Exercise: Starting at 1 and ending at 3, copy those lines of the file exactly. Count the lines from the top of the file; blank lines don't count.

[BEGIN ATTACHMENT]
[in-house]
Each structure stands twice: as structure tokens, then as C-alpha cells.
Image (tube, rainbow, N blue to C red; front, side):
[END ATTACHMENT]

[in-house]
Each structure stands twice: as structure tokens, then as C-alpha cells.
Image (tube, rainbow, N blue to C red; front, side):